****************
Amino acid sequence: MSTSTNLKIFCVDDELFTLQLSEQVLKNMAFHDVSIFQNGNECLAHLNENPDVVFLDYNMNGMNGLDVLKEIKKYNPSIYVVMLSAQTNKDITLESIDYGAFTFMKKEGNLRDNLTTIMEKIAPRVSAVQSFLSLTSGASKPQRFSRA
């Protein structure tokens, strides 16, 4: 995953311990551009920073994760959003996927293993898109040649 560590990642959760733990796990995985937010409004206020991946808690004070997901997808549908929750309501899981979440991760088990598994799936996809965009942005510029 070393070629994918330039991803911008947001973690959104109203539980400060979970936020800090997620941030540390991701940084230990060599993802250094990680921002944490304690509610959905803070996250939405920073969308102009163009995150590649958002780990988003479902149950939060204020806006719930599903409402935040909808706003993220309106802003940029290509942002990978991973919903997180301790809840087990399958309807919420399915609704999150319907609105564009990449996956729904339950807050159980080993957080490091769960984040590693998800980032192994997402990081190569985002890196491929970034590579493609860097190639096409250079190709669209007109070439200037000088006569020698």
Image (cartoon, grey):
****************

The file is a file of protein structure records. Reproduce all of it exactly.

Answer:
Amino acid sequence: MSTSTNLKIFCVDDELFTLQLSEQVLKNMAFHDVSIFQNGNECLAHLNENPDVVFLDYNMNGMNGLDVLKEIKKYNPSIYVVMLSAQTNKDITLESIDYGAFTFMKKEGNLRDNLTTIMEKIAPRVSAVQSFLSLTSGASKPQRFSRA
């Protein structure tokens, strides 16, 4: 995953311990551009920073994760959003996927293993898109040649 560590990642959760733990796990995985937010409004206020991946808690004070997901997808549908929750309501899981979440991760088990598994799936996809965009942005510029 070393070629994918330039991803911008947001973690959104109203539980400060979970936020800090997620941030540390991701940084230990060599993802250094990680921002944490304690509610959905803070996250939405920073969308102009163009995150590649958002780990988003479902149950939060204020806006719930599903409402935040909808706003993220309106802003940029290509942002990978991973919903997180301790809840087990399958309807919420399915609704999150319907609105564009990449996956729904339950807050159980080993957080490091769960984040590693998800980032192994997402990081190569985002890196491929970034590579493609860097190639096409250079190709669209007109070439200037000088006569020698």
Image (cartoon, grey):